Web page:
World’s largest social media network, Facebook announced Monday it is acquiring positivity-focused polling startup, tbh, and will allow it to operate somewhat independently with its own brand.
The tbh app allows teenagers send anonymous compliments to one another for an undisclosed sum, which tech analysts say would help Facebook eat into the market share of Instagram.
Though the financial terms of the deal weren’t disclosed, reports say the deal could worth less than $100 million and won’t require any regulatory approval.
As part of the deal, tbh’s four co-creators — Bier, Erik Hazzard, Kyle Zaragoza and Nicolas Ducdodon — will join Facebook’s Menlo Park headquarters while continuing to grow their app with Facebook’s cash, engineering, anti-spam, moderation and localization resources.
“When we met with Facebook, we realised that we shared many of the same core values about connecting people through positive interactions,” TBH said in a statement.
“Most of all, we were compelled by the ways they could help us realise tbh’s vision and bring it to more people.”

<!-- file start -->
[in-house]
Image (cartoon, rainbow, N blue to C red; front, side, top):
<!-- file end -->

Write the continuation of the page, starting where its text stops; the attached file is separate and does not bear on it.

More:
tbh had scored 5 million downloads and 2.5 million daily active users in the past nine weeks with its app that lets people anonymously answer kind-hearted multiple-choice questions about friends who then receive the poll results as compliments.
You see questions like “Best to bring to a party?,” “Their perseverance is admirable?” and “Could see becoming a poet?” with your uploaded contacts on the app as answer choices.
tbh has racked up more than 1 billion poll answers since officially launching in limited states in August, mostly from teens and high school students, and spent weeks topping the free app charts. When we profiled tbh last month in the company’s first big interview, co-creator Nikita Bier told us, “If we’re improving the mental health of millions of teens, that’s a success to us.”
However, the tbh founders will become formal Facebook employees, with Facebook email addresses, opposed to running more independently like Instagram and WhatsApp, which have their own buildings and emails.
In a statement to TechCrunch, Facebook wrote: “tbh and Facebook share a common goal — of building community and enabling people to share in ways that bring us closer together. We’re impressed by the way tbh is doing this by using polling and messaging, and with Facebook’s resources tbh can continue to expand and build positive experiences.”
It’s interesting that Facebook opted to acquire tbh rather than clone it, since it has been aggressively copying other hit teen apps like Houseparty recently. While Facebook’s Snapchat clone Instagram Stories has achieved massive popularity, other knock-offs it has made haven’t fared as well.
With tbh’s strong brand name, distinctive design and explosive early traction, Facebook seems to have decided it was better to team-up than face-off.
By Anthony Ademiluyi